Jerusalem: With the Israeli government enacting a series of emergency measures to stem the spread of the new coronavirus, Prime Minister Benjamin Netanyahu is facing growing accusations that he is exploiting the crisis to entrench himself in power and undermining the country's democratic foundations.
Amid a wave of sweeping restrictions that have put Israel in near shutdown mode, Netanyahu has managed to postpone his own pending criminal trial, authorize unprecedented electronic surveillance of Israeli citizens and block parliament from pressing ahead with legislation aimed at pushing him from office.
The moves, on the heels of the country's third inconclusive election in less than a year and under the shadow of Netanyahu's corruption indictment, sparked leading opposition figure Yair Lapid to tell Israeli citizens that they no longer live in a democracy
The new coronavirus has spread to more than 100 countries, infected more than 217,000 people worldwide and killed more than 8,700. For most people, it causes only mild or moderate symptoms, such as fever and cough.
For some, especially older adults and people with existing health problems, it can cause more severe illness, including pneumonia. The vast majority of people recover from the new virus.
Israeli health officials have diagnosed over 400 coronavirus cases, roughly a quarter of them detected in the last 24 hours.
With the numbers quickly rising, authorities have issued a series of tough guidelines that have brought the country to a standstill. People have been instructed to stay home, tens of thousands are in home quarantine and foreigners have been banned from entering the country.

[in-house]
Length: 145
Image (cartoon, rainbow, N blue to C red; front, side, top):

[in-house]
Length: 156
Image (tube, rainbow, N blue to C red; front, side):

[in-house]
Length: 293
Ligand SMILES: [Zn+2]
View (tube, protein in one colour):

Most controversially, the Israeli government instructed the shadowy Shin Bet internal security service to start deploying the agency's phone surveillance technology to help curb the spread of the new coronavirus in Israel by tracking the moves of the infected.
Israel uses phone surveillance in the occupied Palestinian territories, saying it's an important tool to prevent attacks on Israelis, but critics say it's also aimed at maintaining tight control.
The step has sparked widespread criticism from lawmakers and civil rights groups. Opponents planned to file a Supreme Court challenge on Thursday.
Many of the measures are not unique to Israel. In neighboring Jordan, King Abdullah II has shut the country's court system and parliament to control the spread of the virus. Abdullah, who is not elected, appears to have won wide public support for his handling of the crisis.
In a televised interview Wednesday, Netanyahu said that during his 11 years as prime minister, he had previously always refused to use surveillance normally used to hunt down wanted Palestinian militant on Israeli citizens.
He said there would be maximum oversight to protect privacy concerns.
The last thing I will do is harm democracy, he said.
The liberal Haaretz daily responded Wednesday with a lead editorial titled An Epidemic of Surveillance.
Under the cover of the battle against the spread of the coronavirus, Interim Prime Minister Benjamin Netanyahu is concentrating more and more power in his hands, with neither balances nor supervision, it wrote....